Doris Fitton

Doris Fitton (1897-1985), founder of the Independent Theatre, Sydney, was born in November 1897 in Manila, the Philippines, where her English father, Walter Fitton, a chartered accountant, broker and manufacturer of cigars, had taken his Australian bride, Janet Cameron, in 1894. In 1902 Doris, her elder sister Janet Ethel, and their mother, returned to Melbourne where the climate and education were considered more appropriate for white children than Manila. Walter Fitton died shortly afterwards.

Doris was educated at Loreto Convents in Portland and Ballarat. She was not very interested in academic study but enthusiastic about school plays. After leaving school she became a secretary, but acting classes with the renowned Gregan McMahon, led to her first acting role in 1915. Professional engagements with J. C. Williamson Ltd followed, along with continued performances and acting classes with the Melbourne Repertory Theatre.

In 1922 in Sydney Doris married Norbert 'Tug' Mason, solicitor. When Gregan McMahon founded the Sydney Repertory Company in 1924, Doris began her long association with Sydney theatre, playing in Bernard Shaw's Dark Lady of the Sonnets. Roles with J. C. Williamson Ltd followed, in hits such as Somerset Maugham's Rain. However good parts in Sydney's fledging theatre were few. Doris, now a mother of two sons, was frustrated in those years, coming out from 'domestic' duties to perform small parts in various productions around Sydney.

In 1930 she teamed up with nineteen other actors and 100 associated members each subscribing 10/- a year, to launch the Independent Theatre. The guidelines of Constantin Stanislavsky, the founder of the Moscow Arts Theatre, were used as the model for the Independent. It existed for 47 years, closing finally in May 1977, with Doris directing Thornton Wilder's Our Town.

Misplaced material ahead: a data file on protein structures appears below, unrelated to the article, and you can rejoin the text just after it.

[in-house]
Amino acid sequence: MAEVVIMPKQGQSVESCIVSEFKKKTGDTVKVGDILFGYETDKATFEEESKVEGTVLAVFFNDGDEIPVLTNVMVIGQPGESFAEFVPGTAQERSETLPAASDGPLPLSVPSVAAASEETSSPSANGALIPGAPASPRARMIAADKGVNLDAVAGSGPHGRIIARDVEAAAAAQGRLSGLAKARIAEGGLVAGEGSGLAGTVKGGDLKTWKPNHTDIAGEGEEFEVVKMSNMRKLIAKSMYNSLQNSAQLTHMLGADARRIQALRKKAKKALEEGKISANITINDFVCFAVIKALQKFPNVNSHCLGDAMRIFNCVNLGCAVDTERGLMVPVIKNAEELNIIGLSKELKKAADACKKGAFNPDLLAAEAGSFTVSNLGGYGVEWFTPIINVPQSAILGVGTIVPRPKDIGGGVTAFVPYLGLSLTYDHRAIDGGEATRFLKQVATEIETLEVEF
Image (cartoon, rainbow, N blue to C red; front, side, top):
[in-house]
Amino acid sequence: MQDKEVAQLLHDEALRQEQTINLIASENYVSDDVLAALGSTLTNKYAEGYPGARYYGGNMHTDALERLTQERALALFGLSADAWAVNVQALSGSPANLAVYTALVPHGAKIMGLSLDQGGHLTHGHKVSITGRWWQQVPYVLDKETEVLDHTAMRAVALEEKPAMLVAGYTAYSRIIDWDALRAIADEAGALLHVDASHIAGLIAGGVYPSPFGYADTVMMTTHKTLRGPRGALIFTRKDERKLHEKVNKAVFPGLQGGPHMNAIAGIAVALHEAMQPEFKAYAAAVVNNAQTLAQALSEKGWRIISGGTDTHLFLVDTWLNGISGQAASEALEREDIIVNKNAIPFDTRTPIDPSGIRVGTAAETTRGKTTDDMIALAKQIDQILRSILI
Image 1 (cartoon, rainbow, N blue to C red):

Throughout the entire history of the Independent, Doris earned accolades as actress, director, stage producer and drama teacher, combined with cleaning jobs to keep the theatre open in difficult times. Despite the often precarious financial problems encountered by the Independent Theatre (it received no government support), with Doris Fitton at the helm she guided it through good times and bad. The contribution of the Independent Theatre was indispensable in creating an environment where young Australian actors could develop their skills and perform plays; and playwrights could have their plays produced. Sumner Locke Elliott's 1948 classic Rusty Bugles is one example. Ironically a 'guiding light' in culturally stifling times, the Independent closed in the beginning of the renaissance of Australian theatre.

In recognition of her work in theatre, Doris Fitton received an OBE in 1955, a CBE in 1975 and was created DBE in 1982. Despite a peppery and rather dictatorial personality, she commanded respect and love from her peers, students and the community. Her diligence, hard work, commitment and passion for theatre and the Independent, ensured its success for over four decades. The 'ageless matriarch of Sydney theatre' died on 2 April 1985.

Melanie Oppenheimer

Doris Fitton Not Without Dust and Heat, My Life in Theatre 1981.